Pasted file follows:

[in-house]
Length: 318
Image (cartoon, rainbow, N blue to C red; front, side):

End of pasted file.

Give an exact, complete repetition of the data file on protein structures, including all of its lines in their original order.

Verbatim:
[in-house]
Length: 318
Image (cartoon, rainbow, N blue to C red; front, side):